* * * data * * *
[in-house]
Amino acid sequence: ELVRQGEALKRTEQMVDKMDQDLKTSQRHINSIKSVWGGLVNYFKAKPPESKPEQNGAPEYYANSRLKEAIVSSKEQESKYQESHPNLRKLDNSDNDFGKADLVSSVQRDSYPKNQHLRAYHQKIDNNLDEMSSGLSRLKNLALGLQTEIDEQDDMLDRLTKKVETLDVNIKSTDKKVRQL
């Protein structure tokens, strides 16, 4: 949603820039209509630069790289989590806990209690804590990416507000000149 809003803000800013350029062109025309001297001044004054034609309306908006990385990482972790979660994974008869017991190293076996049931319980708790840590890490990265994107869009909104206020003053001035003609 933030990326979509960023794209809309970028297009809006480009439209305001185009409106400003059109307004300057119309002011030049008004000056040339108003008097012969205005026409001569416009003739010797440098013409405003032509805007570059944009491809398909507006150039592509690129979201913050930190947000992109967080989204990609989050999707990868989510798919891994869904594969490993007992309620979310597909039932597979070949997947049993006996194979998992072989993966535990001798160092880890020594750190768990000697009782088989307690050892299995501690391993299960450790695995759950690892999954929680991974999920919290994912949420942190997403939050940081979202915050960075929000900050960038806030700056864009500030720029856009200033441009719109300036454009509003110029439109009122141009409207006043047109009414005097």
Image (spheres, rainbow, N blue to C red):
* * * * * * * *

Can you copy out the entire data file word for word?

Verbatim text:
[in-house]
Amino acid sequence: ELVRQGEALKRTEQMVDKMDQDLKTSQRHINSIKSVWGGLVNYFKAKPPESKPEQNGAPEYYANSRLKEAIVSSKEQESKYQESHPNLRKLDNSDNDFGKADLVSSVQRDSYPKNQHLRAYHQKIDNNLDEMSSGLSRLKNLALGLQTEIDEQDDMLDRLTKKVETLDVNIKSTDKKVRQL
């Protein structure tokens, strides 16, 4: 949603820039209509630069790289989590806990209690804590990416507000000149 809003803000800013350029062109025309001297001044004054034609309306908006990385990482972790979660994974008869017991190293076996049931319980708790840590890490990265994107869009909104206020003053001035003609 933030990326979509960023794209809309970028297009809006480009439209305001185009409106400003059109307004300057119309002011030049008004000056040339108003008097012969205005026409001569416009003739010797440098013409405003032509805007570059944009491809398909507006150039592509690129979201913050930190947000992109967080989204990609989050999707990868989510798919891994869904594969490993007992309620979310597909039932597979070949997947049993006996194979998992072989993966535990001798160092880890020594750190768990000697009782088989307690050892299995501690391993299960450790695995759950690892999954929680991974999920919290994912949420942190997403939050940081979202915050960075929000900050960038806030700056864009500030720029856009200033441009719109300036454009509003110029439109009122141009409207006043047109009414005097």
Image (spheres, rainbow, N blue to C red):